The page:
To run one central team or split the team into regional offices? Which roles do I need when I begin translating, and when I scale my translation efforts? And who should oversee all of this? Our VP of Customer Success, Kunal Sarda, covers the basics of how to build an all-star localization team to take your brand global.
Building an All-Star Localization Team - Summer School from Smartling on Vimeo.
To have or not to have a dedicated localization team
Having a dedicated localization team in your company may or may not make sense, depending on several conditions. About 40% of Smartling customers have dedicated localization manager(s). We'll dive into how the other 60% manage localization a little later, but for now, here are common themes in companies that have built a dedicated localization program.
- High translation volumes - The sheer volume of work may be a reason to dedicate at least one internal resource to overseeing localization.
- High complexity - The more moving pieces there are within an organization, the more challenging it can get to coordinate. Examples of high complexity are: multiple business units are translating, stakeholders are located in multiple regions, your organization utilizes multiple translation vendors, and/or your company utilizes multiple integrations to connect various content types with your platform.
- Brand lies at the heart of go-to-market - Sustaining a strong global brand identity is a full-time job in itself. Typically a dedicated localization team would oversee global launches of new products
- Further along in "localization maturity" - We'll cover what this is below.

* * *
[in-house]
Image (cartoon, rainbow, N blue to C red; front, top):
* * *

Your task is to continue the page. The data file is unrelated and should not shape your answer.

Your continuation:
Localization Maturity Model
When it comes to localization, there's always a next step to take to scale and further streamline your efforts. There are five levels in the model:
- Manual - Struggling with archaic processes (think Excel spreadsheets of strings)
- Automated - Beginning to integrate automation into content production (automating the pull/push of strings between your content source and your translation management system)
- Agile - Incorporating automated, scalable processes across multiple languages (incorporating things like automated workflows and use of translation memory)
- Centralized - Practicing strategic centralized translation management across multiple channels and languages (Keeping track of localization work all in one place)
- Expert - Benefiting from translation as a revenue center and using analytics for growth (Localization playing a central role in your company's overall business strategy)
Choosing the right model of your localization team
Companies typically structure their localization teams in one of three ways:
- In-house within the Content, Marketing or Product Team
- Outsourced to a translation partner
- In-house as a standalone department
No one model fits all. To choose, it's important to analyze your company's localization culture, i.e. your top priorities for managing localization and how localization fits within your company's business strategy.